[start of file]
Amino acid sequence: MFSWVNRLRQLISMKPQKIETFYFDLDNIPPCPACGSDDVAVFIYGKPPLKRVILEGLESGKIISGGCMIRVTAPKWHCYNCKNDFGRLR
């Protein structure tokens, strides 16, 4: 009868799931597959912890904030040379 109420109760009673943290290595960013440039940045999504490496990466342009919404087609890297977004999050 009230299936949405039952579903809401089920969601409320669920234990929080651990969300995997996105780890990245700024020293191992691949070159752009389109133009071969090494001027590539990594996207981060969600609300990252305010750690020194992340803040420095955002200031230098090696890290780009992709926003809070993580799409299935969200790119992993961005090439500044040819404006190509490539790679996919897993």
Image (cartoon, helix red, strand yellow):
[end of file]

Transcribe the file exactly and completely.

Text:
Amino acid sequence: MFSWVNRLRQLISMKPQKIETFYFDLDNIPPCPACGSDDVAVFIYGKPPLKRVILEGLESGKIISGGCMIRVTAPKWHCYNCKNDFGRLR
């Protein structure tokens, strides 16, 4: 009868799931597959912890904030040379 109420109760009673943290290595960013440039940045999504490496990466342009919404087609890297977004999050 009230299936949405039952579903809401089920969601409320669920234990929080651990969300995997996105780890990245700024020293191992691949070159752009389109133009071969090494001027590539990594996207981060969600609300990252305010750690020194992340803040420095955002200031230098090696890290780009992709926003809070993580799409299935969200790119992993961005090439500044040819404006190509490539790679996919897993």
Image (cartoon, helix red, strand yellow):